Stoke-on-Trent - photo of the week
W.S. Brown - butchers, 27 Broad Street, Hanley c.1880-1990
of the following information and the 1922 photos kindly supplied by William S.
great, great, grandson of the original W. S. Brown.
W.S. Brown originally had butchers shops at 11 Market Place Burslem and 27 Broad Street Hanley - the Hanley shop operated from around 1880 until 1990 but the slaughterhouse moved to Etruria Road in 1961.
The former shop & slaughterhouse in Broad Street were demolished in 2013 to make way for the new council civic centre but the building housing the original Brown's bakehouse (opposite the shop) still stands today (2013).
The 1930's saw much expansion of the company as it was also at this time the firm began an expansion into the retail markets of the Potteries
W.S. Brown & Sons still maintain a presence in the city - they left the old Tontine Street market for the new market in 1987 and still have a butchers stall in the market under the Potteries Shopping Centre in Hanley.
1907 advert for W.S. Brown & Sons, butchers, Burslem & Hanley
Brown's connection with the Market Place shop in Burslem goes to the origin of the family in the butchery trade.
It was originally a butcher's shop under the name of Knight's.
The original founder of the business (W.S.Brown) married a Knight - after he was sent to be an apprentice at the butcher's shop and marrying the daughter - the couple had 11 children with Charles Frederick Brown being the first to be born at the Broad Street shop.
11 Market Place eventually became one of W. S. Brown's shops.
Their reputation for good quality sausage spread far beyond the North Staffordshire and South Cheshire area with products being sent on trains from Hanley station to beyond Birmingham.
It was taken
further up Broad Street from the butchers shop (possibly
where the ABC cinema once stood)
The people in the photograph are....
Charles Frederick Brown (1882-1981) (to the far left)
Charles Frederick Brown's children were William Southall Brown, Edna Hilda Knight Brown and Peter Knight Brown (all of which spent their lives in the business).
kindly supplied by William Brown
27 Broad Street, Hanley
Market Place, Burslem
all adverts and directory
entries are from.....
1907 Staffordshire Sentinel
'Business Reference Guide to The Potteries, Newcastle & District'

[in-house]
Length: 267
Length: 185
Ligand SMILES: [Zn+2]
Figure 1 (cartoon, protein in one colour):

Charles Frederick Brown - the son of the original W. S. Brown - came to work each day until his death at the early age of 99!
During the Great Depression, he & his wife would make soup from the bones and distribute it to the poor from an entrance to the works from Crown Street (queues would frequently form even for these meals in times of poverty).
Charles had two other brothers involved in the business,
George and Arthur - both died before him. It was traditional at the time to set
the first born son up in business by buying his first week's supply of meat - W.
S. Brown's eldest son, W. S. Brown was thus set up in business but Charles
Frederick (along with George and Arthur) stayed with his father to develop the
It was very common to have slaughterhouses attached to butcher's shops during the 19th and early 20th centuries.
Knight's slaughterhouse was in Greenhead Street, Burslem and there were slaughterhouses (though not used by Brown's) attached to W. S. Brown's shop in Dresden (corner of Trentham Road & Peel Street - once John Blakeman's, then Roper's & then Brown's) and Newcastle, High Street now Chatwin's.
on Trentham Road was originally John Blakeman's Butchers Shop.
later the business was Roper's and then in the 1950's Brown's
watched by a young boy - 6 year
old William S.
Brown and 4 year old Edna Brown
are helping to herd the pigs
'THE ONE AND ONLY W. S. BROWN & SONS'
William S Brown (the great grandson of the founder of the business) at his butchers stall in Hanley Market
- still producing the 'celebrated Cambridge Sausage'
opposite Orb street at 48 Broad Street is Mercer Jones, Insurance Broker
in the 1900-1920's this shop was John Emery & Sons, Music Dealer
to the right was the Brown's bakehouse
48 Broad Street, Hanley - in
Emery, Bernard J.R., music dealer and professor of music
Wood and Parkes, wholesale
grocers at 46 Broad Street
was purchased in the early 1930's and became
formerly Brown's bakehouse - 46 Broad Street
|Wood & Parkes grocers at 46 Broad Street was on the opposite side of Broad Street to the butchers - in the early 1930's Browns purchased the grocers shop and opened Brown's bakehouse enabling the firm to supply pork pies and sausage rolls to all its outlets.|
the white fronted shop to the left of the photo is 27 Broad Street - now (July 2013) demolished
this was the home of W. S. Brown & Sons, butchers, from c.1880-1990
This photograph of the block of shops where W. S. Brown were situated was taken from Broad Street, to the left is Crown Street ans to the right is Orb Street (originally Queen Street)
The two premises which were to the left of Brown's butchers (the white building) were demolished in the late 1920's or early 30's and this plot of land was never re-built on.
In 1907 the occupants were...
At one time No. 29 (the red building on the photo) was a shop selling weighing scales (Avery, Berkel etc) and in the 1970/80's the Red Bar Grill (Nos. 31,31a) was 'Midland Refrigeration'.
In the 1930's 29 Broad Street was converted to become part of Brown's shop.
Along Crown Street, there were originally typically terraced housing (as indicated by early maps around 1900) they were demolished - probably in the 30's or 40's at the same time as the Quiet Woman beer house - and Brown's butchers expanded to takeover some of the vacant ground. An extension to house a new coal fired boiler was put in around 1950 (with access off Crown Street).
Prior to the introduction of electricity, much of the machinery was driven via steam power.
contents: 2013 photos